Perhaps it was later that they began to understand the significance of their role in Jesus’ life. Perhaps even years later when Jesus’ ministry was in full swing, and if they realized that this Jesus was the same babe they once honored when John the Baptist announced Him as the Lamb of God, maybe it was then that they began to see the implication of their presence in the stable. For the reality of their job, their vocation, one that was often passed on from father to son for generations, was to raise these lambs for sacrifice in the Temple at Jerusalem. This was the industry of this little town of Bethlehem. They were raised to be laid across the altar as atonement for the sins of the people. The perfect lamb was chosen and killed from the flocks they raised! Not since Abraham had stretched his own son, Isaac across the stones had a human ever laid upon the altar, and he had been spared. Simply taking the title of The Lamb told the world who He was, for those who had ears to hear.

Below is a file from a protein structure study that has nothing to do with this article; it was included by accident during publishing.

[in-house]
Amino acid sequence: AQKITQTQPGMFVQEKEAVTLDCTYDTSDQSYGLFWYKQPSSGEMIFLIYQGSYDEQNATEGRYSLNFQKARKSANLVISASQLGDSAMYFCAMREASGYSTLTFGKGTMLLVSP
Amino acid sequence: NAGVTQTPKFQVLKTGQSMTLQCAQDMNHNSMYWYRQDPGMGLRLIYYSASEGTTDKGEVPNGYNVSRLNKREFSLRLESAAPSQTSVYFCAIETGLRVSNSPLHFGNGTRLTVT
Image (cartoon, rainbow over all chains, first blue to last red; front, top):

Did they perhaps hear of this and cover their mouths as they gasped in surprise? This babe, this Man, the Lamb?

How could this be?

And again, how did they feel when this same man who called himself the Son of God, also named Himself the Good Shepherd? Did they straighten their spines with the implication of the honor He gave them? Did they plant their shepherd’s staffs and let the light of pride shine in their eyes? Did they smile and think, “I knew Him! I was there when He was born!”?

Would they not also bow their heads in sorrow, and let a tear roll down a weathered cheek when they knew the final destination of the unblemished lamb?

And how is it that He was both lamb and shepherd?

As the Lamb, He knew He needed a caring and watchful eye on Him to ensure His safety and fulfill His needs.

As a Shepherd He knew exactly what a lamb needed when He took them to the still waters, He knew how best to protect them; by laying down His life for them on the altar where they were meant to lie.